Coke Zero Sugar 400 at Daytona (Cup Series) Predictions, Odds & Picks
- It’s all about the Playoffs—three drivers are competing for two available spots.
- Jimmie Johnson and William Byron vow to work together. But for how long?
- Playoffs aside, someone will win the race, and we’re betting on a familiar face.
Coke Zero Sugar 400 Odds
|Martin Truex Jr.||+1800|
|Ricky Stenhouse Jr.||+2000|
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Coke Zero Sugar 400 Predictions and Picks
Throwing darts at the entry list might be as good a way as any to pick the winner of this race, given the random nature of superspeedway racing. But we’re going with a driver who consistently demonstrates his acumen for dealing with the draft. That’s why we’re picking the 2016 winner of this race—Brad Keselowski.
Brad Keselowski +1100
How to Watch Coke Zero Sugar 400
|Coke Zero Sugar 400 Information|
|What||Coke Zero Sugar 400 NASCAR Cup Series race|
|Where||Daytona International Speedway|
|When||Saturday, August 29, 7:30 p.m. EST|
|How to Watch||NBC|
NASCAR was at its sadistic best when it chose Daytona International Speedway for the cutoff race for the 2020 NASCAR Cup Series Playoffs. Superspeedway racing is unpredictable enough; add a hot, slick asphalt track, and you have a recipe for chaos.
Saturday night’s race will be contested at 160 laps (400 miles), with stage breaks scheduled after 50 and 100 laps. Justin Haley won last year’s summer race in his third and last Cup Series appearance of the season. Denny Hamlin won his third Daytona 500 in the most recent race at the 2.5-mile track.
NASCAR Plays Musical Chairs: Three Drivers for Two Playoff Spots
If Friday night’s Coke Zero Sugar 400 goes according to form, two of the following three drivers will secure the final two berths in the Cup Series Playoffs: Jimmie Johnson, William Byron, and Matt DiBenedetto. Those three drivers are covered by a nine-point spread, with DiBenedetto five ahead of Byron, who in turn is four ahead of Johnson.
If no currently winless driver below those three in the standings happens to snatch a playoff spot with an unlikely victory, Johnson, Byron, and DiBenedetto will be racing to avoid being the odd man out. Though he currently has a small cushion, DiBenedetto has reason to be concerned. The trend line of the driver of the No. 21 Woods Brothers Racing Ford has been decidedly negative of late.
I don’t know if it’s excited or anxious or what the emotion is, says DiBenedetto, who will start 15th on Saturday, behind both Byron (sixth) and Johnson (seventh). “It’s definitely different going to Daytona with so much on the line than if we were going to a regular short track or whatever you want to call it.
DiBenedetto fell into the danger zone last weekend with respective finishes of 17th and 20th in the Cup doubleheader at Dover.
How Long Will Hendrick Teammates Continue to Work Together
Given their respective sixth- and seventh-place starting positions, Hendrick Motorsports teammates William Byron and Jimmie Johnson likely will have a chance to draft together in Saturday night’s Coke Zero Sugar 400 at Daytona. Ideally, from team owner Rick Hendrick’s point of view, they will be helping each other finish ahead of Matt DiBenedetto in points, and both will secure playoff spots.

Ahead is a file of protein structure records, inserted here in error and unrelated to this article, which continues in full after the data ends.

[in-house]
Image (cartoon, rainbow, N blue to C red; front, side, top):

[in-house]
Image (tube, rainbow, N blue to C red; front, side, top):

We’ll go down there and hopefully, we both get in, you know? says crew chief Chad Knaus, who worked with Johnson for 17 years and seven Cup championships before moving to Byron’s team. I think we’ve got that possibility. We both run really well at superspeedways. Hendrick Engines and the guys at the shop build some amazing race cars. So, hopefully, we can get out there and get some stage points and race well and get both the No. 24 and the No. 48 into the Playoffs.
Neither driver will be able to hang back and stay out of danger of “The Big One,” the inevitable multicar wreck that wipes out a third of the field. Stage points will be too important. And if it comes to it, and Johnson and Byron are racing for the final playoff berth, the teammate alliance will cease to exist. But that won’t happen until the final laps of the race.
Competition for Race Win Takes a Back Seat to Playoff Battle
With 14 Playoff spots decided and two up for grabs, the race to qualify for the postseason is the most compelling storyline in Saturday night’s race. Then again, someone has to win it, too, and we’re betting it won’t be one of the two most successful drivers so far this season.
Kevin Harvick, a seven-time winner this year, hasn’t triumphed at Daytona since the July race of 2010. Six-time winner Denny Hamlin has won the last two Daytona 500s and three overall, but his history in the summer event in the World Center of Racing isn’t nearly as stellar. Hamlin has finished 24th, 38th, and 26th in the last three July events.
That’s why we’re going with Brad Keselowski to pick up his second Daytona victory. The driver of the No. 2 Team Penske Ford has a gift for superspeedway racing, as his five wins at Talladega—Daytona’s sister track—attest. Look for Bad Brad to find Victory Lane for the fourth time this season.
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Award-winning motorsports writer Reid Spencer has served as lead writer for the NASCAR Wire Service for 16 years, having also spent a four-year stint as NASCAR columnist and beat writer for Sporting News. He is currently serving as president of the National Motorsports Press Association.